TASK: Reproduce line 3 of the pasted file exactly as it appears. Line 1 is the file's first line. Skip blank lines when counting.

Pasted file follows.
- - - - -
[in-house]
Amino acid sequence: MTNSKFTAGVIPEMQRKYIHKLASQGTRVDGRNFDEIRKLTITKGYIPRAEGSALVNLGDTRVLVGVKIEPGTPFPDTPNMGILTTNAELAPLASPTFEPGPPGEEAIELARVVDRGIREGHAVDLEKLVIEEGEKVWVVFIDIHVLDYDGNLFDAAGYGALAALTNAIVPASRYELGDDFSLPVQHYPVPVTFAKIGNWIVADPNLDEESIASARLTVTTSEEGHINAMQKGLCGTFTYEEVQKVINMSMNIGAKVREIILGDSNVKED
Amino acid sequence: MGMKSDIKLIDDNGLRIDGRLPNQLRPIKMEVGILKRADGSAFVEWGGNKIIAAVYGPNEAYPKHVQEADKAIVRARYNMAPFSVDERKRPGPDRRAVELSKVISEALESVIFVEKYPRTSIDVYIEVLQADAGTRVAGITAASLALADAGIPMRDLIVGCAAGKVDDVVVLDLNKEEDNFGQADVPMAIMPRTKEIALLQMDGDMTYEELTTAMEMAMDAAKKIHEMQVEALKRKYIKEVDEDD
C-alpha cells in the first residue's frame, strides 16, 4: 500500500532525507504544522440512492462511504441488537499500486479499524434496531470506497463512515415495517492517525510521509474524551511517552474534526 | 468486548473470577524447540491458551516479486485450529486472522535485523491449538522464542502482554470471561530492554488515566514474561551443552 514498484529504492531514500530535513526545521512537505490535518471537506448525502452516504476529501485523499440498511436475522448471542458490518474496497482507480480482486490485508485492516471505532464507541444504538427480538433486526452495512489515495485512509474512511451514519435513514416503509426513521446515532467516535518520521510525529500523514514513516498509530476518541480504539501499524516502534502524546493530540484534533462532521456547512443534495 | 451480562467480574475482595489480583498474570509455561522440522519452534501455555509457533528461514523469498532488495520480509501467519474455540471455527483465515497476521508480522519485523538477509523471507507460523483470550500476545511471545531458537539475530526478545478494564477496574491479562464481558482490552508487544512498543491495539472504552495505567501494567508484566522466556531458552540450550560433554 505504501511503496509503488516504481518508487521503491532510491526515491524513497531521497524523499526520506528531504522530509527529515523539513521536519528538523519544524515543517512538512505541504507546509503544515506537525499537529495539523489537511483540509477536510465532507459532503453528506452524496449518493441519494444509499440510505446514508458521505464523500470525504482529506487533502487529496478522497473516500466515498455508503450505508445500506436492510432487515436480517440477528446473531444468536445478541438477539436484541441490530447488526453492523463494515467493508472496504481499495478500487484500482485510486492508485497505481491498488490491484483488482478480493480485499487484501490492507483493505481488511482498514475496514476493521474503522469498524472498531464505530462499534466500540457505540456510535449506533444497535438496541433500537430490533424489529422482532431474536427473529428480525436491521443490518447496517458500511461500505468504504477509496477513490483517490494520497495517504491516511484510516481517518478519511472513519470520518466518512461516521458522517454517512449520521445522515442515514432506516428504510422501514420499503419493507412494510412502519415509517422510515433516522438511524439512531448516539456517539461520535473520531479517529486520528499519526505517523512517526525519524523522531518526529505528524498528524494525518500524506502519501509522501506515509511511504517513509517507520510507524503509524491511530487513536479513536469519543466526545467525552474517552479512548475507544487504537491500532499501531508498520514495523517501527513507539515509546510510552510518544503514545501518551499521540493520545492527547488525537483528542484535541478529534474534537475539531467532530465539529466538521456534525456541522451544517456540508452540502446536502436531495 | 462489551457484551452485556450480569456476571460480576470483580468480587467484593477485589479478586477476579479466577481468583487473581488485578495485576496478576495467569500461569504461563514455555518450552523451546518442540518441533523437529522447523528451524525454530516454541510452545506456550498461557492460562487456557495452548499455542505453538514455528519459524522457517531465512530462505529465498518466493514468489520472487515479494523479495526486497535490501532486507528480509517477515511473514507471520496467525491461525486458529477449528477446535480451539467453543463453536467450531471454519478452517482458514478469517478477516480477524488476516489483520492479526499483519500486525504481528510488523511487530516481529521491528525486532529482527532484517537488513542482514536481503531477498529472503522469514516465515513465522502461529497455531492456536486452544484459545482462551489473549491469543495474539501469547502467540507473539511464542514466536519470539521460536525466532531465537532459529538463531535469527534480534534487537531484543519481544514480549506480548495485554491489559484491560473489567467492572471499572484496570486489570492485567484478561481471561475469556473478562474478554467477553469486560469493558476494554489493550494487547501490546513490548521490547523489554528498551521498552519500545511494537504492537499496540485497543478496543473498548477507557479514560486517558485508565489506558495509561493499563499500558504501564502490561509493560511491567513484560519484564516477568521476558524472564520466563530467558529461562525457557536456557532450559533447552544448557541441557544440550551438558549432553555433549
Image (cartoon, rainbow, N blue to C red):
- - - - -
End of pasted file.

Amino acid sequence: MGMKSDIKLIDDNGLRIDGRLPNQLRPIKMEVGILKRADGSAFVEWGGNKIIAAVYGPNEAYPKHVQEADKAIVRARYNMAPFSVDERKRPGPDRRAVELSKVISEALESVIFVEKYPRTSIDVYIEVLQADAGTRVAGITAASLALADAGIPMRDLIVGCAAGKVDDVVVLDLNKEEDNFGQADVPMAIMPRTKEIALLQMDGDMTYEELTTAMEMAMDAAKKIHEMQVEALKRKYIKEVDEDD